The post I looked at was here – External link to Youtube presentation. He mentions an additional talk the Wednesday after this, does anyone know where I can see the presentation? I *think* I'm following whats going on but seeing the demo along with hearing the thoughts as he's going through would be really handy.

    Thanks,

    AJ

    • #98227

      Rohn Edwards
      Participant

      The other video can be found here

      Example code for both presentations can be found here

      I just peeked at the last example file for the argument completers presentation, and it looks like what I didn't get to was how to access helper functions inside a module's scope.

      I think you're definitely on the right track, though, with looking into argument completers instead of trying to use dynamic parameters. I LOVE dynamic parameters (a big part of that presentation was devoted to them), but I almost always find some other way to implement whatever I thought I needed them for if I'm making a function that will be used by other people. And if you're just after dynamic ValidateSets, I think argument completers are way easier write and maintain than using dynamic parameters anyway. The only real downside is that if you really want to limit the parameter values like ValidateSet would, you have to add code to your function to error out if the user provides invalid input.

  • #98215

    js
    Participant

    I believe he posts here.

  • #98233

    AJ
    Participant

    Thanks for the help so far guys, – Rohn, really useful video from summit! The piece I was hoping was included in the last presentation I think I've now figured out. I'm using Invoke-Build to generate my module from split functions. I've created a tab expansion script (not function) within my public functions folder which gets added to my psm1 at build time. So each time someone imports the module, the Register-ArgumentCompleter runs over the top of previous registrations.

    I noticed (in the first video) you mentioned there was a way to handle this at the parameter level, with an [ArgumentCompleter({})] block on the parameter? I'm interested in that because I cant currently see how ArgumentCompleters would work if you wanted to replace Dynamic parameters if you had different validatesets based on the parametersetname.

    Is there a way to do this?

    Get-Object -Name {"Get-Childitem -path C:\Objects\Object | Select-Object -ExpandProperty BaseName}
    Get-Object -IsDeleted -Name {"Get-Childitem -path C:\Objects\Deleted\Object | Select-Object -ExpandProperty BaseName}

    where the second only looks at the Deleted objects folder when the -IsDeleted switch is provided? Can I only handle this at the parameter level within my function or is there another way with the $commandAst I can obtain this from within the scriptblock when the user is at the command line?

    I take your point about having to internally validate, where the validation needs to be strict, think I saw in your video a switch statement would cover it with the Default state ignoring everything not in the required validateset. That should work for what I need.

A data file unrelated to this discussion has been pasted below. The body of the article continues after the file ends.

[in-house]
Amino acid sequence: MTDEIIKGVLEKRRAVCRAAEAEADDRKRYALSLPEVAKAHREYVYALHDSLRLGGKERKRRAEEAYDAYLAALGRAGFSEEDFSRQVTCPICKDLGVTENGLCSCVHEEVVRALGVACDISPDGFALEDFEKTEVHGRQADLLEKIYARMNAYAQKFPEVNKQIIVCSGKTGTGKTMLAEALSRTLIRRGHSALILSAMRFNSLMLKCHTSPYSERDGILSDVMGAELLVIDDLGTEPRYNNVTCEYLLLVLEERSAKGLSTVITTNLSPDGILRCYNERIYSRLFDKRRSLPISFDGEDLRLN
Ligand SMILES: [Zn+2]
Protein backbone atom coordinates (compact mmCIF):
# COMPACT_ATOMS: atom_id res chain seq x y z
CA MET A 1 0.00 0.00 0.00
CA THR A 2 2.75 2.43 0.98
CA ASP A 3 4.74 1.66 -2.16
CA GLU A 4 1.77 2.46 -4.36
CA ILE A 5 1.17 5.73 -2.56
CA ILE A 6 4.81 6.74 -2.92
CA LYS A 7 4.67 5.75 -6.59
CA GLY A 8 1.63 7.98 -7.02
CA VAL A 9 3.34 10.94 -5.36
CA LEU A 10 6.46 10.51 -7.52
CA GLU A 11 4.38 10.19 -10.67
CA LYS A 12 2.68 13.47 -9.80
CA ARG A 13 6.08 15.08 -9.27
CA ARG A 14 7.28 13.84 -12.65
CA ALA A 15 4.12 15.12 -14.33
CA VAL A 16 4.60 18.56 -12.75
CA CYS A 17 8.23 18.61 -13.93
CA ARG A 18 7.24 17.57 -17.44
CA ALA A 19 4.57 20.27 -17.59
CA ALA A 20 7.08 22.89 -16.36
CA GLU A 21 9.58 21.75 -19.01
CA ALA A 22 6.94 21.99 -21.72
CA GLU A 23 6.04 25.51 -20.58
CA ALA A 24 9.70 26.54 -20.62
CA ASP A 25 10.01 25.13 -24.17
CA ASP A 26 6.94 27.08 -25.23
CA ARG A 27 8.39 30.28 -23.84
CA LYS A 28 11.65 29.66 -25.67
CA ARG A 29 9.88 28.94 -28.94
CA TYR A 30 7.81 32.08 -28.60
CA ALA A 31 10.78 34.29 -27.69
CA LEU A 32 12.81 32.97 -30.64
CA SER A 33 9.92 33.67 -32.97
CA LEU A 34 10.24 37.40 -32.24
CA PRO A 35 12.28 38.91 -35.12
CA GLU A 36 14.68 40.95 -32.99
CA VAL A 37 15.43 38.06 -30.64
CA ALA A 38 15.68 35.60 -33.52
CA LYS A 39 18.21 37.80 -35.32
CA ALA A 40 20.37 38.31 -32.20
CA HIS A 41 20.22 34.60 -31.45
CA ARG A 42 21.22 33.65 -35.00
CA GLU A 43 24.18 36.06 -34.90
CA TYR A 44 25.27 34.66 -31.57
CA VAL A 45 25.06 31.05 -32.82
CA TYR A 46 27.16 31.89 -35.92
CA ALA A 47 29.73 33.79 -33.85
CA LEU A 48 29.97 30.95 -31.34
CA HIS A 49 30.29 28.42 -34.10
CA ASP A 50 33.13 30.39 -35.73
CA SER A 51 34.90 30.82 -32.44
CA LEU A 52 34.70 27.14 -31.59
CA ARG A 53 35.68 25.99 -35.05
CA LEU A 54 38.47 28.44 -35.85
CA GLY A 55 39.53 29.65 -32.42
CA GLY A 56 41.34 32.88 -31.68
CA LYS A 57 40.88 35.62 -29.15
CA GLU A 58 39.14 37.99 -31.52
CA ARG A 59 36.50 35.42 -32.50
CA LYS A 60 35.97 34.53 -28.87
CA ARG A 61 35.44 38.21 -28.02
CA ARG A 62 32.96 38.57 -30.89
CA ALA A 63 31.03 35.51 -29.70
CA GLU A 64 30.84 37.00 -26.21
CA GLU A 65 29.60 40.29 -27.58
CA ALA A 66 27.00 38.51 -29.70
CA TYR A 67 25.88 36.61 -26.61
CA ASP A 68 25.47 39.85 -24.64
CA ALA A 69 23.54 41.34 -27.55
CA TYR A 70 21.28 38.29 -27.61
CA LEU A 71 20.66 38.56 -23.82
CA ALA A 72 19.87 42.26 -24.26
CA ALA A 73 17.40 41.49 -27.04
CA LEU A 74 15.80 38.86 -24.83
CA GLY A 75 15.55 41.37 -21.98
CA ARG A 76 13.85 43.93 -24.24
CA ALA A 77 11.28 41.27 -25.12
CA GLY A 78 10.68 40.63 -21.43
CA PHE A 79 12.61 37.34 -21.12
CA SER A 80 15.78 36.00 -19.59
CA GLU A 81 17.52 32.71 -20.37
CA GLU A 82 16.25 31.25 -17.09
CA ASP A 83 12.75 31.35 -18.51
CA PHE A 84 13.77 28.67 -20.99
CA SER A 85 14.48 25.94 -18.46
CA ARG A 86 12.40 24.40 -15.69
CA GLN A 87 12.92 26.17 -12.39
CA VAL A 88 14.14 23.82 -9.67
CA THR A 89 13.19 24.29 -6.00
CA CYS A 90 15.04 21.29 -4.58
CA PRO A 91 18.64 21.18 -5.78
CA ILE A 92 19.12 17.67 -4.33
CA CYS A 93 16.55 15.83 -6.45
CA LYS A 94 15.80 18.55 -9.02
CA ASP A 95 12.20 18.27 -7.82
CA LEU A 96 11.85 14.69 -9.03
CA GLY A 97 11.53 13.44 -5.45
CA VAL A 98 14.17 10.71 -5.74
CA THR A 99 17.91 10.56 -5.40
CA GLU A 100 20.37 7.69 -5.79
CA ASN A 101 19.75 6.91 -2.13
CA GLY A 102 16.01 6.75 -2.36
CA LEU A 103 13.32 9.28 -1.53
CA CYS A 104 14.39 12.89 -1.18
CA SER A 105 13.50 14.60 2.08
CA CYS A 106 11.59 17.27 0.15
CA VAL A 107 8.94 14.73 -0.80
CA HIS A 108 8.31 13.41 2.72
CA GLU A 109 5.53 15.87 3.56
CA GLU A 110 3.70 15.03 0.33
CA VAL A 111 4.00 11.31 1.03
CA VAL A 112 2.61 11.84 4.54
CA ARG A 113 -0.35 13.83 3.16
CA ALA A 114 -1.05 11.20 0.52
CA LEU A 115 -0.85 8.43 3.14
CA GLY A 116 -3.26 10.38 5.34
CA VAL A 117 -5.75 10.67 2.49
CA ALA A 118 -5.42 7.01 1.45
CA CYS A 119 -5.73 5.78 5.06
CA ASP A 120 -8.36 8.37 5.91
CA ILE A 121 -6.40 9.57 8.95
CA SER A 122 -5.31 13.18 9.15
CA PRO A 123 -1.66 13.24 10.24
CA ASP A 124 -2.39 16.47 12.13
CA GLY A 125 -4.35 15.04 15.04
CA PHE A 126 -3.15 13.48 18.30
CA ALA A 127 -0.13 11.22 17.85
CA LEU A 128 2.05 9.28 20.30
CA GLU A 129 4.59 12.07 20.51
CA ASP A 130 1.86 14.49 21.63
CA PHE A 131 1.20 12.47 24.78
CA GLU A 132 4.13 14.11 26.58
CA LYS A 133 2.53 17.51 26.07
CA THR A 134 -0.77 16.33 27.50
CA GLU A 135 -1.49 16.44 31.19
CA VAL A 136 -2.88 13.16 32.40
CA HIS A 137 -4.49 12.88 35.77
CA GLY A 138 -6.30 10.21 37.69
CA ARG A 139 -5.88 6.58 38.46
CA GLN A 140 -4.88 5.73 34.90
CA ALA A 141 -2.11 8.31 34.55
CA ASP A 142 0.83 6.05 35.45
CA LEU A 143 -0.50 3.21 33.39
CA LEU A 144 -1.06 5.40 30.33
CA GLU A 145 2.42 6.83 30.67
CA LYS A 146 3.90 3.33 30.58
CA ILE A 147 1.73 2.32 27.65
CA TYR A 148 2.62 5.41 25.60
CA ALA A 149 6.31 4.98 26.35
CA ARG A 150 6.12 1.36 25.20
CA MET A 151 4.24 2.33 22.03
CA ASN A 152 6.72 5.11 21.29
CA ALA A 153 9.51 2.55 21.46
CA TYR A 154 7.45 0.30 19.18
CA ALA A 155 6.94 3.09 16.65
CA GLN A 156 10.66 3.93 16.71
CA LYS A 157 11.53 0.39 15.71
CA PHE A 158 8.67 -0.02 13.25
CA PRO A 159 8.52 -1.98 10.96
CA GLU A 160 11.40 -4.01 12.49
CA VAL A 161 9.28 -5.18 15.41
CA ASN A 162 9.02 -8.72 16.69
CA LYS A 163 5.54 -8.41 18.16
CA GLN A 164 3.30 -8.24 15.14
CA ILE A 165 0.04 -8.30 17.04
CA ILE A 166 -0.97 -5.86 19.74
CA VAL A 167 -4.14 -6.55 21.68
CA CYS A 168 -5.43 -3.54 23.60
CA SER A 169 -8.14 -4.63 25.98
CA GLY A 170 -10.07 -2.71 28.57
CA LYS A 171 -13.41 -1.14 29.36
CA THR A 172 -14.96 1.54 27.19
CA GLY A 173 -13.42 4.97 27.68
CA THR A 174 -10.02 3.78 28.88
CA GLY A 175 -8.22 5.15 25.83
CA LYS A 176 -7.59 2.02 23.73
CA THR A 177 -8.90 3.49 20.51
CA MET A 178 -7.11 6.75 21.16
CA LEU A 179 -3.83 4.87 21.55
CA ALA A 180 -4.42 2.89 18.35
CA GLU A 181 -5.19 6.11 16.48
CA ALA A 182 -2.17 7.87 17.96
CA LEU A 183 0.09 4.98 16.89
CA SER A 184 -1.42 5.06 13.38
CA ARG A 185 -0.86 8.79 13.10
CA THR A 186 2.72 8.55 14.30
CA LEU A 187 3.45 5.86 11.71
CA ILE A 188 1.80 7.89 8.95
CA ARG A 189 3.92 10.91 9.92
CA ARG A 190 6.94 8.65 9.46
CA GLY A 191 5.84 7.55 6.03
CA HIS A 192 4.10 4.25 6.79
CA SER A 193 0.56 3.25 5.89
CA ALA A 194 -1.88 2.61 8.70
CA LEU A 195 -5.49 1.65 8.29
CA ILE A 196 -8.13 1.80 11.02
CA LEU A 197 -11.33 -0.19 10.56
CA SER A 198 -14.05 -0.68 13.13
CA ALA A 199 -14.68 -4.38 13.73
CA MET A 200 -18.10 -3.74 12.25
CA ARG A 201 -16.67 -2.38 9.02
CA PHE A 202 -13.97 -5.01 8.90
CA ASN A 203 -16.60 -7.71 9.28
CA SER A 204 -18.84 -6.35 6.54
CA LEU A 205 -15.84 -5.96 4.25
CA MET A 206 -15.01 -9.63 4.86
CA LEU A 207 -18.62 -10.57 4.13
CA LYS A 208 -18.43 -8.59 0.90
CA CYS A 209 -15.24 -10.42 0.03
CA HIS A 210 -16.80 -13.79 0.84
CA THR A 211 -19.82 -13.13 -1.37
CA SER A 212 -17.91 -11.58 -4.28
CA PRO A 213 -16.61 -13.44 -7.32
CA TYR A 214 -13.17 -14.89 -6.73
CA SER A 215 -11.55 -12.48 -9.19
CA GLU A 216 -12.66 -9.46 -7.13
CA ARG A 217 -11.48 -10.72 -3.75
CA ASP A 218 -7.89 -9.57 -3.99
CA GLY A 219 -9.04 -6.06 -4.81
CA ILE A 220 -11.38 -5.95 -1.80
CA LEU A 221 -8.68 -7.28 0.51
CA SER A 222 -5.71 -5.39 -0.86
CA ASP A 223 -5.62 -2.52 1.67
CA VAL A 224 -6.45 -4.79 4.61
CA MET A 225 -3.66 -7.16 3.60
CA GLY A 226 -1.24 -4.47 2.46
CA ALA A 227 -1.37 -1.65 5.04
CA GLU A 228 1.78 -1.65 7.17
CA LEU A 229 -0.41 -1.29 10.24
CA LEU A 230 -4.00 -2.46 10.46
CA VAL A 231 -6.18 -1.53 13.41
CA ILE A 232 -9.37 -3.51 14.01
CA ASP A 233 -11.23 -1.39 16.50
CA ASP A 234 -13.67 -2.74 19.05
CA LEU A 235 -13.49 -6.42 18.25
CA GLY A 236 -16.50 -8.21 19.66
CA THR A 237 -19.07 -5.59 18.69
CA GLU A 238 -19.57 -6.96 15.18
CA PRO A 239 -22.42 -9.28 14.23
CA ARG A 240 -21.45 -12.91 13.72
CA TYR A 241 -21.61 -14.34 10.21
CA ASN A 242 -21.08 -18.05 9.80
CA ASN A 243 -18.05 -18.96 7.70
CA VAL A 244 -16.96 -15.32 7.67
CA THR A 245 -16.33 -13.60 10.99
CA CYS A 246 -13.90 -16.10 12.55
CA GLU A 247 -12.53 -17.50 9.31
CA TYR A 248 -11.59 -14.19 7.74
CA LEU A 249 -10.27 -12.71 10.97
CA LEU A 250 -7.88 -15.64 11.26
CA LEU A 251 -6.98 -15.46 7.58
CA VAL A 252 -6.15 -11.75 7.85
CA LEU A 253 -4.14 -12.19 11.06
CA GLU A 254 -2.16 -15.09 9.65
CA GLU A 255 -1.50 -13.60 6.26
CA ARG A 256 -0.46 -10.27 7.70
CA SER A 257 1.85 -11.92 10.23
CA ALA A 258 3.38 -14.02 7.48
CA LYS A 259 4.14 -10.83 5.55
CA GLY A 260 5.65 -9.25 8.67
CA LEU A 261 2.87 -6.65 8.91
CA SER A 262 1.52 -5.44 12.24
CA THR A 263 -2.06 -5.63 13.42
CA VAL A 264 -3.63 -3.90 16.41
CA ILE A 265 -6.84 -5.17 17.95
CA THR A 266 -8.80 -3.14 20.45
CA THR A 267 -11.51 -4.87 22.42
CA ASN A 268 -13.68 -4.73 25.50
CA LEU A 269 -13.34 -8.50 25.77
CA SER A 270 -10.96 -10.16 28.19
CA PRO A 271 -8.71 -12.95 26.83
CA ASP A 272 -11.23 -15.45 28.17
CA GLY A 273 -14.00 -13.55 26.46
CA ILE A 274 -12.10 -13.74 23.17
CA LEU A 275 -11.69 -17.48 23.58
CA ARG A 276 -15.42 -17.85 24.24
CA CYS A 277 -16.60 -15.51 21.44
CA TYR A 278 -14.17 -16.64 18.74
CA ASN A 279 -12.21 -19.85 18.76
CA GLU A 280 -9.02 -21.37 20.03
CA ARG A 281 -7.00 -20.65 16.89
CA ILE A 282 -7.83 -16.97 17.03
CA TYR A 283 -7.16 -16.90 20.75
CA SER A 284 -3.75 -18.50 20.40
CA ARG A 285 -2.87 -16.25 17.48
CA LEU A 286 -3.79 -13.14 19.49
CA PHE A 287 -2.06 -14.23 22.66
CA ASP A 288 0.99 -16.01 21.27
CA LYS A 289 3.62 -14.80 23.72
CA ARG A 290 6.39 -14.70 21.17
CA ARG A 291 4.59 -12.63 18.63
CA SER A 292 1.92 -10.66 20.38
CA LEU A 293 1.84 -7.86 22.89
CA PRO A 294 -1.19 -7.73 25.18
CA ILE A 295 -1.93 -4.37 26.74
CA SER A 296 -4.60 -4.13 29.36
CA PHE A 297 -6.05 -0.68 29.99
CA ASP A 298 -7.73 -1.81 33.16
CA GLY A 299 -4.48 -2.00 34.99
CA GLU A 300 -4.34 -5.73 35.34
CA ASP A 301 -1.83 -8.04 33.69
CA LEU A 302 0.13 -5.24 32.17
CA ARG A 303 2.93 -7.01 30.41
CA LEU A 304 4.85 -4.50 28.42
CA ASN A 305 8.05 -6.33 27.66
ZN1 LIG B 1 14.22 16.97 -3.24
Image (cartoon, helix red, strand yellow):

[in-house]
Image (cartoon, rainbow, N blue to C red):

Thanks,

    AJ

  • #98239

    AJ
    Participant

    Ok, I've realised having a tab expansions register containing all of my registrations for my module at the end isn't the only way.

    After the closing brace for the function, within the same .ps1 file I'm registering the ArgumentCompleters there..

    I guess it means my registrations are littered throughout my psm1 file but at least this way I can manage all the registrations whilst generating the functions.

    Guess either works here without too much issue. Is there a better way?

  • #98247

    Rohn Edwards
    Participant

    About where to register the completers: the command and/or parameters don't have to exist yet in order to register argument completers. Try calling Register-ArgumentCompleter before creating your function.

    The [ArgumentCompleter()] attribute can also be used if you want to keep the completion logic closer to the parameter definition. It takes a scriptblock (like [ValidateScript()] would), and the scriptblock should be the same thing you would put into the -Scriptblock parameter to Register-ArgumentCompleter. Be careful, though: your commands won't work for users with PS 3 or 4 unless the user has the TabExpansionPlusPlus module.

    The way you've got it working sounds fine to me. If you've got command definitions separated out into their own files, it makes sense to keep the calls to register the completers near the function definitions.

    Did you ever get the -IsDeleted example you mentioned working? If not, look at the $fakeBoundParameters argument that the completion scriptblock receives. Also, here's an example that's probably closer to what you're looking for.

  • #98253

    AJ
    Participant

    Hey,

    Regarding the IsDeleted – yeah I got that working thanks, I didn't have the registration in place for the IsDeleted parameter so it wasn't re-evaluating when that switch was present. I normally get my parametersetname from PSCmdlet but I should be able to do this given I can obtain the supplied parameters from fakeBoundParameters as you mention.